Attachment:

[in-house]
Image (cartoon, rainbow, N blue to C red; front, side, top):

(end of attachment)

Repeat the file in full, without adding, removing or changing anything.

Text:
[in-house]
Image (cartoon, rainbow, N blue to C red; front, side, top):